Discover how Synthetic Biology is reshaping our world at 4TH SPACE
In labs and classrooms across the university, researchers and students are rethinking, recreating, and reinterpreting biological systems to create high-value applications in human health, agriculture, chemistry, and environmental technologies.
They are Concordia’s synthetic biologists.
For most, the term synthetic biology is relatively new. The rapidly developing and remarkably interdisciplinary area of research fuses the design principles of engineering with the tools of biology to build new organisms that can help solve some of the world’s most pressing problems.
From January 20 to February 21, 4TH SPACE is hosting “Rethink, Recreate, Reinterpret,” a program that spotlights the innovative work Concordians are contributing to this field.
Promoting a better understanding of synthetic biology is central to the program’s mandate. Interactive installations help facilitate engagement with some of the field’s basic principles, while public talks, classes, and roundtables with researchers, students, and community partners will foster open discussions around some of the field’s main questions and concerns.
Promoting understanding through engagement
Concern about the misunderstanding or mischaracterization of what synthetic biologists do is emerging as rapidly as the field itself.
“People from outside our field might think that we are a powerful group of researchers designing new micro-organisms, fighting each other over patents, all to try to make big money,” says Kenza Samlali, a PhD candidate at Concordia’s Centre for Applied Synthetic Biology (CASB) and member of the Microfluidics Lab led by Steve Shih, assistant professor in the Department of Electrical and Computer Engineering.
“But the synthetic biology community is in fact really small and wholesome,” Samlali adds.
“Our field is still developing, and we're continuously figuring out what and why we are doing the things we do. Being part of the synthetic biology community carries a responsibility of having two-way inclusive interactions with society about the applications and impacts of the technologies we develop.”
Committed to advancing public understanding of the field, Samlali has helped 4TH SPACE develop installations that audiences can interact with to better grasp its basic theories and tools.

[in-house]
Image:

Big, bright transilluminator tables invite visitors to look at samples of genetically modified material, like engineered strains of yeast, just as scientists would in a lab setting but on a grander scale.
A lifesize, lego-inspired game walks visitors through the process of using cells to build a new protein using the programming principles and coding logic behind SBOL (Synthetic Biology Open Language).
And it’s not just synthetic biologists who are concerned with public understanding of the field. At Concordia, researchers in the Department of Journalism are investigating the way media representations of synthetic biology are evolving and their affect on public perception.
Pouria Nazemi and Taylor Kann, MA candidates in the department studying under Professor David Secko, have worked with 4TH SPACE to develop installations that invite viewers to engage with and think about these media representations through large-scale reproductions and projections in the space.
A space for discussion
Several events throughout the month welcome the Concordia community and public alike to learn more and talk about the new technologies being developed by synthetic biologists and their societal applications in an open format.
On January 27, the class Synthetic Biology and Industrial Applications, offered through CASB, will be holding a session at 4TH SPACE aimed at research trainees but open to all. It will focus on stakeholder considerations and communication in the design of application-based products.
Video interviews and tours with researchers from CASB will also be projected in 4TH SPACE throughout the program, offering the community a behind the scenes look into the labs and facilities where synthetic biology research is happening at Concordia, including Canada’s only Genome Foundry.
Researchers interviewed for the program are:
- Aashiq Kachroo, Department of Biology
- Alisa Piekny, Department of Biology; Centre for Microscopy
- David Kwan, Department of Biology
- Christopher L. Brett, Department of Biology; Centre for Microscopy
- Steve Shih, Department of Electrical and Computer Engineering
On February 13, District 3 Innovation Center is holding its next Biotalk Café at 4TH SPACE. Jordan Young, Associate Director, Biology at Repare Therapeutics, will discuss the now-famous CRISPR technology and how it can enable the quest for effective cancer therapeutics.
Two other workshops with District 3 – one on design thinking and another on human practice in synthetic biology – are in the works.
All day on February 19, Brico Bio, a shared community lab dedicated to the democratization of biotechnology, is hosting a mini bio-hackathon at 4TH SPACE, followed by a discussion.
Last year, Concordia’s iGEM (International Genetically Engineered Machines) competition team, developed a biosensor tattoo that detects fentanyl in the body. The team will be holding several events in 4TH SPACE throughout the program.
These include an Introduction to SynBio and DNA Extraction workshop, a session on how to confront the ethical challenges posed by synthetic biology with other iGem teams and assistant professor Brandiff Caron, a session on sensitivity training, one that will activate 4TH SPACE’s SBOL game, and another to announce and develop their project for the 2020 competition.
Visit the 4TH SPACE website to learn more about these and other events, and to view the complete list of programming at Concordia as it becomes available.